Welcome back to my blog post series on grant writing. I am using the writing process to provide an easy, structured approach to grant writing. As I’ve mentioned, grant writing isn’t hard: it’s damn hard! If you hold any kind of academic appointment you’re eventually going to have to figure out a good process for grant writing.
This the 3rd post in a series of 7, I will be posting a serialized manual on the grant writing process.
Now, on to Step 2: Drafting.
Unique selling points
The second step of the writing process is drafting. We’ve made some type of map or outline and now we really begin to write.
Drafting your grant involves more than putting words on paper. Draft your grant according to the unique selling points (USPs) your work has to offer. Unique selling points come from the world of advertising and consist of three parts:
- A USP must make a proposition to its audience (“buy this product for this specific benefit”)
- A USP must make a proposition that the competition cannot offer (“buy this product because it is one-of-a-kind”)
- A USP must make a proposition that is attractive to a general audience (“buy this product because you can understand what it does”)
In research, USPs operate around a philosophy of being relevant to a general audience because you have no way to predict your reviewers’ disciplinary alignment. Even if you’re applying for specialty funding (e.g., The Kidney Foundation of Canada) you have no way to predict whether or not your reviewers are molecular biologists studying nephrons or health services researchers studying organ transplant allocation patterns.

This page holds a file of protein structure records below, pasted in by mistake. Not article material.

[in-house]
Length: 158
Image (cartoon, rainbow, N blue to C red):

Prevalence, population, significance, cost and innovation
A useful heuristic I am borrowing from my colleague Alex Clark involves writing your health research grants around 5 USPs:
- Prevalence (“the topic of this grant offers a past, present and future I understand”)
- Population (“the topic of this grant offers a clear benefit to a vulnerable or neglected population”)
- Significance (“the topic of this grant offers positive outcomes for individuals, our health system and society”)
- Cost (“the topic of this grant offers cost reduction to our health system”)
- Innovation (“the topic of this grant offers a transferable innovation that will proceed from the project”)
Drafting a grant should follow whatever framework for a proposal is set out by the opportunity’s guidelines. Often this framework takes the form of preamble, introduction, methods, plan of study, team roles, and budget. So important is this framework that it will be the focus of my next blog post.
Leave your thoughts
Q1 What are the unique selling points of your research?
Q2 What’s your approach to drafting a research grant? Does the above approach resonate?
Alex Clark is a brilliant researcher and well-established grant writer. Consider following him on Twitter.
A five-step approach including some useful heuristics for drafting writing.